As with any new console, it’s not really what the machine itself can do, so much as what the developers will do with it once they get comfortable. The Wii U is a curious mix of “two steps forward, one step back.” The graphics are an improvement over the Wii, but may quickly be overshadowed by Sony and Microsoft by this same time next year. The Game Pad can be used for some original functionality (I’d like to see another Feel The Magic game come out of this) but most 3rdparty developers, also catering to the Microsoft/Sony crowd are unlikely to go out of their way to advantage of it in meaningful ways, once again putting the onus on Nintendo. The online functionality is welcome and long overdue, but Nintendo have now usurped the crown from Sony for most invasive, disruptive updates on any console. As for the Miiverse, it feels more integrated than Sony’s Home, but social media is a fickle thing. Just ask MySpace or even Facebook in recent months.
At this point, the best recommendation for the Wii U would be, “Leave this hardware to the early adopters and let them endure the growing pains.” Nintendo obviously has many more fixes and refinements to implement with their new console. Their launch line up, while plentiful, has a lot of ports from other consoles in there, and the current crop of exclusive titles don’t really show off what the machine can do. True, there’s a Mario game, but it’s no Mario 64 and we’re not likely to see that killer app of that stature for a while. True, the deluxe system’s pack-in game Nintendoland demonstrates the functionality the new interfaces, but it lacks the instant, intuitive connection of the Wii-mote to pull everyone from grandparents to disinterested teen girls into the mix.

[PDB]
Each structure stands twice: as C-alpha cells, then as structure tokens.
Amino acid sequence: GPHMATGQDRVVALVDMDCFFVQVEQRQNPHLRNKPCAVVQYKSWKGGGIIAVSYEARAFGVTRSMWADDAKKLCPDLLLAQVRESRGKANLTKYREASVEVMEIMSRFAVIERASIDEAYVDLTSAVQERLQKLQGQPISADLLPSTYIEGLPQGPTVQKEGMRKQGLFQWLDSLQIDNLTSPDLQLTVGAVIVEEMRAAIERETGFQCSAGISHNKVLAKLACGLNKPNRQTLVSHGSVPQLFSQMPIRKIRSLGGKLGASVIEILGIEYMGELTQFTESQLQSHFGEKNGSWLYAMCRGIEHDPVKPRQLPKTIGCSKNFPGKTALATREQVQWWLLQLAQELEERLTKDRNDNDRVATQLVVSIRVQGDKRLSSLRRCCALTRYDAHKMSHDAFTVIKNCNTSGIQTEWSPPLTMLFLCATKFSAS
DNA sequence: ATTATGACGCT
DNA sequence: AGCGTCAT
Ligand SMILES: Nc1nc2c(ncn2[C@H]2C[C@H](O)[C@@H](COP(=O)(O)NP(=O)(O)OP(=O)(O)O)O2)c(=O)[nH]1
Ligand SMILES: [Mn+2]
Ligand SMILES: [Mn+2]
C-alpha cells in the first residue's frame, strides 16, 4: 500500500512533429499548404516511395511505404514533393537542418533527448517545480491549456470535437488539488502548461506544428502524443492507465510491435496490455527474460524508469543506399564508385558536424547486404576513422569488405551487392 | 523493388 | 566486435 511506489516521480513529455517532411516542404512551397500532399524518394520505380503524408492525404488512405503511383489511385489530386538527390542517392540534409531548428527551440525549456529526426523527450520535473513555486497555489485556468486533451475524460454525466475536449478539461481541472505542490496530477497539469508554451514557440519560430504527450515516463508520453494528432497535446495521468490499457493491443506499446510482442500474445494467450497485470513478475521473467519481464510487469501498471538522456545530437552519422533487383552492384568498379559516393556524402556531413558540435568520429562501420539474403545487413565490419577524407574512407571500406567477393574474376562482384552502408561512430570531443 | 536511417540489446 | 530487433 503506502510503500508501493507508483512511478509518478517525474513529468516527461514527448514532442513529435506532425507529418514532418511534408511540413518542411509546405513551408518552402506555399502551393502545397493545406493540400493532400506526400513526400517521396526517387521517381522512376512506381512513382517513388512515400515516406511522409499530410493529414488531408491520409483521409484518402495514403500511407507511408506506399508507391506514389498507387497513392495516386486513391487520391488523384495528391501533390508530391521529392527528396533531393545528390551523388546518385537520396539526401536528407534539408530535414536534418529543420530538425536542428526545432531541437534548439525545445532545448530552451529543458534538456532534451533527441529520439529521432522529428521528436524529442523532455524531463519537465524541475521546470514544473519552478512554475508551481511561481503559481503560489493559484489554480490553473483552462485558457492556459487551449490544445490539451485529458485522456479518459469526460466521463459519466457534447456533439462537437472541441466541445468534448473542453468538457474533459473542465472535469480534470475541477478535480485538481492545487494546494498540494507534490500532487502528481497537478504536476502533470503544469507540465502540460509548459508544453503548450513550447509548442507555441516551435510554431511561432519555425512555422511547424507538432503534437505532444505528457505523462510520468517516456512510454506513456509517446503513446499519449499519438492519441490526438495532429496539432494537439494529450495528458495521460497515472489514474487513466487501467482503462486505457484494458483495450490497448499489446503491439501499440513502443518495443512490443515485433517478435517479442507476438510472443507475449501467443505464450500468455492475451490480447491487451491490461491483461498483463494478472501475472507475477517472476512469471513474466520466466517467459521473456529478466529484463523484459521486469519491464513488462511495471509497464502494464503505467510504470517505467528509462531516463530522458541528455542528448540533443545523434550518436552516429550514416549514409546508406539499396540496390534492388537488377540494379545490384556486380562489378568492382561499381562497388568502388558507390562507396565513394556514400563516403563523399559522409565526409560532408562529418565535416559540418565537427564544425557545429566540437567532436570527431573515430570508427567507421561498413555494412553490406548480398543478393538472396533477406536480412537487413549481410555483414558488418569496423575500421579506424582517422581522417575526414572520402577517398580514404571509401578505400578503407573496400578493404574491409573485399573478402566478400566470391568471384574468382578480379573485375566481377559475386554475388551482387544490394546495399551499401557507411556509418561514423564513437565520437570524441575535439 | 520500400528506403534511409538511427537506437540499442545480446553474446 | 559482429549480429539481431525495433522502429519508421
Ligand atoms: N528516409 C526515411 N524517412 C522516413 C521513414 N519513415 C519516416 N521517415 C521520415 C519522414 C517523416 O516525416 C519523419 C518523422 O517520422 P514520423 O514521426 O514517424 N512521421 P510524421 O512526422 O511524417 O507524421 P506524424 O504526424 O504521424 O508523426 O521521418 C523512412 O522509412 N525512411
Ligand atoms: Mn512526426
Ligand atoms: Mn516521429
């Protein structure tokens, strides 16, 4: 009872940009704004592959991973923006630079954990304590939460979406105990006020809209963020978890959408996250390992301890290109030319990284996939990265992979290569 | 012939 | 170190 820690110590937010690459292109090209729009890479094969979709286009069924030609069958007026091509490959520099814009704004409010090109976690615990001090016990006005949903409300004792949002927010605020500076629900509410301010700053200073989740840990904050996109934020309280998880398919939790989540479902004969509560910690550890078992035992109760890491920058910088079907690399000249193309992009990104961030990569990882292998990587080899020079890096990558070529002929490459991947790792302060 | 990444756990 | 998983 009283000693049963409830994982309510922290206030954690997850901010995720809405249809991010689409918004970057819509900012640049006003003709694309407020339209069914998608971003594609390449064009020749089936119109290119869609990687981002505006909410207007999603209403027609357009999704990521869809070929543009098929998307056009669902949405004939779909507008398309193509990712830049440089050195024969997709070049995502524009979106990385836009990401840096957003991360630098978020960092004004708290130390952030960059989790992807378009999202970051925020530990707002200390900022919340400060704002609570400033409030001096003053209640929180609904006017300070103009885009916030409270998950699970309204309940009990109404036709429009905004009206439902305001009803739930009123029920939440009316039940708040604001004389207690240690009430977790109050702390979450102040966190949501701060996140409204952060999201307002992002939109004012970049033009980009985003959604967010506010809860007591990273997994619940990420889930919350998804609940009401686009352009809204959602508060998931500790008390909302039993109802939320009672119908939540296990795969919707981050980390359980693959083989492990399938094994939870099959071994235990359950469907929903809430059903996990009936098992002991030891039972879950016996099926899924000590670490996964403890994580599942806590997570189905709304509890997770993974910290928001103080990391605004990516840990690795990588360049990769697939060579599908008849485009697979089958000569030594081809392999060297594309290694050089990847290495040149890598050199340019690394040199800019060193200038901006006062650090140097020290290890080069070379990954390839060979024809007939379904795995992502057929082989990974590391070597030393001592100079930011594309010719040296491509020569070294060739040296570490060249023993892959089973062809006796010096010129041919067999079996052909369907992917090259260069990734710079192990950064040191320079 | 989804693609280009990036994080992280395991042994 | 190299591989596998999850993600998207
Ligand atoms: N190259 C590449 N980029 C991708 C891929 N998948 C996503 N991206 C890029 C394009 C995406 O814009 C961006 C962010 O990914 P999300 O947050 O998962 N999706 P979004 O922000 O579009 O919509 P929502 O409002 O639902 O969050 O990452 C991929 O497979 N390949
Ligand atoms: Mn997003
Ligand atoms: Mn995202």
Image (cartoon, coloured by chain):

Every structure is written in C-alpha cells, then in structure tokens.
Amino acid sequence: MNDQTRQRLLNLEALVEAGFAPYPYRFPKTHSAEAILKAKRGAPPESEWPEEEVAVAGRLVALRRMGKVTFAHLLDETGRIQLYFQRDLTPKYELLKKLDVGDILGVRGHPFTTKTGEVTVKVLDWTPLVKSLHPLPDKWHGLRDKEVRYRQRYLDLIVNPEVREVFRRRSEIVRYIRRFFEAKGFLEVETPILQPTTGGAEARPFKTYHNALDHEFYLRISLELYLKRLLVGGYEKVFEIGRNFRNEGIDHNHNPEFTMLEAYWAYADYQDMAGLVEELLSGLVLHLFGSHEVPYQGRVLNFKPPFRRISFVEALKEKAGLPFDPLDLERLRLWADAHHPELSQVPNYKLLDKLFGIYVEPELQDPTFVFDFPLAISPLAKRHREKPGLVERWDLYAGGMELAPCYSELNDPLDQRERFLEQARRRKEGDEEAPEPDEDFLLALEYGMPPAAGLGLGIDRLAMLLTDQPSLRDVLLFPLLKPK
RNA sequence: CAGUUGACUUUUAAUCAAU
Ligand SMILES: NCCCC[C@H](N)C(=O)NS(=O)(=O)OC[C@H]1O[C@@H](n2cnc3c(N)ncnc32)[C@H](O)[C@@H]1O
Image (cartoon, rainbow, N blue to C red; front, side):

Look for Wayne's full tech review of the Nintendo Wii U in the next issue of Comics and Gaming Magazine.